Monkey in the Middle –-
I often find myself torn between conflicting influences as I try to figure out where the Lord is trying to lead me. One day last week was indicative. I started my day out with the latest Ensign as my morning scripture study. I listened to an inspiring sermon from the pastor of an evangelical church I follow. I was uplifted by a spiritual thought sent to me courtesy of the Episcopal News Service.
I sometimes see myself at the crossroads of three distinct influences these days.
The focus on morality, personal cleanliness, and devotion to God from the LDS church resonates with me strongly. The sense of mission of the members is very compelling.
In my inner mind, I tend to express myself mostly like an evangelical Christian. I made the decision to commit my life to Christ on 29 April 2005, and that decision was transformational. Jesus is my savior, and I am a broken vessel. I owe him everything, and I place absolutely all my hopes for future happiness on his grace and forgiveness. Not on my own righteousness, priesthood ordinances, temple marriage, or anything else. My entire hope for the future comes from Jesus Christ and not on my own strength or righteousness.
The one challenge I have with the first two paths is that I am suddenly no longer a biblical fundamentalist or primarily a moral or social conservative. I believe the bible to be a record primarily of what people thought God was trying to tell them, with the inherent inaccuracies of decades, and in some cases centuries of oral transmission. I believe the bible message to be inspired, but not inerrant. There are too many internal contradictions for me to believe that it’s literally word-for-word inspired. There are too many cultural things like women keeping their heads covered in church mixed in with more timeless messages for it to be totally obvious which is which. That’s where the openness of the Episcopal church comes in. For me the Episcopal church seems to establish a framework of worship centered on the Book of Common Prayer and elements of an almost Buddhist mysticism that turn our hearts towards a connection to the divine, while allowing wide latitude for interpreting what the scriptures say to us. This is a framework I can operate within without having to clench my teeth at many of the messages from the pulpit. This is a faith community where I can speak my mind without looking over my shoulder for the doctrinal inquisition.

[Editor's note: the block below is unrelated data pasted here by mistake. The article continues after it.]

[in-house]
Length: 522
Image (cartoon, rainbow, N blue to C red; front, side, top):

Imagine a road intersection with three roads coming into it, like a wheel with three spokes, and you’ll get a good idea how I feel most of the time. Accidents and emergency vehicles seem inevitable.
For awhile I had the idea that I would be led to choose between one of these paths. Now I am beginning to wonder. I draw so much strength from all three that my testimony feels like a 12 cylinder engine some days. Maybe where I am being led is to remain in the middle, drawing from the strengths of all three traditions . . . but how to keep from being pulled apart – that’s the critical question.